“It’s an absolute fact that fee disclosure is going to happen,” Rick Meigs, president of 401khelpcenter.com, told MarketWatch. “The battle now comes down to what form it takes.”
The House Education and Labor Committee began work on Thursday on drafting legislation to disclose fees and better indicate investment strategies, risks and returns.
The committee will also debate whether 401(k) plans should be required to offer at least one balanced index fund. “That’s a controversial issue,” Meigs said. “It could revive a debate over what types of mutual funds are most appropriate for 401(k) plans.”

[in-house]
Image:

The fund industry has been pushing for target-date funds, balanced funds and separately managed accounts.
Meanwhile, the Department of Labor is also working on recommendations for default options in 401(k)s, as well as more transparent fee and expense information—both for investors and plan sponsors.
“The proposed changes to annual reports make it easier for regulations and plan officials to ensure workers’ interests are protected,” said Bradford Campbell, assistant secretary of the DOL’s Employee Benefits Security Administration.